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5 Signs Your Child May Have a Learning Disorder

5 Signs Your Child May Have a Learning Disorder:

 

According to the National Center for Learning Disabilities, a learning disorder is “more than a … difficulty with learning. It is a neurological disorder that affects the brain’s ability to receive,. Process, store and respond to information.” Although most students will experience difficulties in the classroom at some time, On-Track Tutoring, a Phoenix based tutoring service, suggests five signs that may indicate your child has an underlying learning disorder.

  1. Delay in speech or language. Speech is the way sounds and words are formed, whereas language refers to the understanding of communication as well as the ability to communicate. A child with a speech or language problem may be difficulty to understand, may consistently use words incorrectly, or may have great difficulty following directions.
  2. Reading difficulties. A younger child may struggle with rhyming or may have trouble learning the connection between letters and sounds Older students may consistently misspell words, confuse basic words when reading, or not read with the speed (fluency) expected for their age. A child who has a problem with reading comprehension is unable to grasp the meaning of words, sentences, and paragraphs and/or has difficulty getting the fist of the passage.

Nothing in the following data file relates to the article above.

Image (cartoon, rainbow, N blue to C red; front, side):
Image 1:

3. Trouble with basic math concepts. When a child has a disorder in this area, they may have difficulty with the abstract concepts of time and direction, lack “number sense” (a fundamental understanding of quantity), struggle to understand place value, and have trouble learning and understanding multi-step calculations.
  4. Laborious writing. Difficulty with organization and coherence in writing is often a sign of a disorder. A child may also have difficulty with sequence, sentence structure, word usage and grammar, or may struggle with the physical act of writing. Often, there is a large gap between the child’s written ideas and their verbal ability.
  5. Poor grades. A child with a learning disorder will often work as hard if not harder than their peers, but may still have difficulty completing work accurately ior on time. Homework may take much longer than is expected, and they may not be mastering academic skills despite their intelligence.
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